Like any other Sundance, you can’t throw a stone in Park City this year without hitting someone who lives in Brooklyn. But it is not just on the overrun resort town’s streets that Kings County is all up in your grill. Brooklyn always seems to be overrepresented on Sundance’s screens, but never as much as this year, when two different films at Sundance are named after Brooklyn neighborhoods alone. I haven’t seen Cary Murnion’s not-as-preposterous-as-it-used-to-sound thriller Bushwick, in which a second Civil War breaks out and suddenly Texans are invading Northside, or Matt Ruskin’s racially fraught miscarriage of justice period piece Crown Heights, which just had its world premiere. Still, if they are any indication, Brooklyn owns Sundance 2017.

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I have however seen Menashe, Joshua Weinstein’s delicate look at the life of a wayward ultra-Orthodox grocery store clerk, which also premiered this weekend. I can attest that it is the most authentic look at Brooklyn Hasidim which American independent cinema has yet produced (no disrespect to A Price Above Rubies and Holy Rollers, but competition is hard to find). Performed in Yiddish by a cast of capable non-actors, the film’s fairly flat drama won’t engage everyone but as as aspects of its often pathetic title character’s tragic family life emerge and his struggles as a single father escalate, the film earns him, and itself, some hard-won empathy. In the annals of Brooklyn grocery clerk movies, See You Next Tuesday still stands above, but Weinstein’s accomplishment is no small one here; he isn’t ultra-Orthodox and yet Menashe feels like a credible insider’s point of view on a community the American movies rarely glimpse.

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Dustin Guy Defa’s Person to Person, a standout from Sundance 2014, is my favorite short of the decade. I show it to my film students frequently and will always hold it close to my heart for introducing me to Helene Smith, whose soulful Miami crooning, for the shoulda been legendary Deep City Records, has soothed my sad, broken heart on many a long, lonely night. Defa’s second feature is an expansion of the short, one which is, despite the presence of luminaries like Philip Baker Hall and future luminaries like Michael Cera, imbued with the same throwback 16mm textures and score of obscure oldies enlivening a shaggy dog comedic narrative that the earlier film pulled off winningly. Back too is Bene Coopersmith, the star of the short, essentially reprising the same role as a record geek who is prone to conflicts that drift toward the absurd. The film delivers more or less what I expected, but it didn’t deepen the profound, profoundly comic melancholy that existed in its shorter incarnation. That doesn’t mean the breezily distracting ensemble piece isn’t fun or worth a watch. It’s both. It just doesn’t add up to a whole lot and never much expects to.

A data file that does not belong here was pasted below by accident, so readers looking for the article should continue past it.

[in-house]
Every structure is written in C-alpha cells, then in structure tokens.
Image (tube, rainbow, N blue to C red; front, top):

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Most impressive of this new crop of Sundance approved Brooklyn indies is Eliza Hittman’s Beach Rats, which also premiered on Monday night, making it the night Sundance finally dropped dead, felled at thirty-three by a Brooklyn overdose. Frankie is a lanky, aimless dreamboat with Sinatra eyes flitting away the summer on stoops and in front of bodegas with his homies. When the cutest brunette on his block, in the furthest, seaside reaches of Brooklyn, comes on to him, its presents a dilemma; he’s gay but, in the hyper-masculinist slice of working class white outerboroughdom he calls home, that’s a no-no. Prowling gay hook up sites on the sly as he begins his furtive, nascent attempts at cruising, Frankie’s “he’s not gonna come out, is he” drama generates plenty of tension, like Hittman’s earliest film It Felt Like Love, by slowing pushing its character toward a terrible sexual reckoning we sense they are not prepared for. While Beach Rats lacks the austere beauty Sean Porter brought to the earlier film and shirks from depicting the most devastating consequences of its climax (one which recalls Ira Sachs’s underrated The Delta), stars Harris Dickinson and Madeleine Weinstein hold their own in Hittman’s brave drama.

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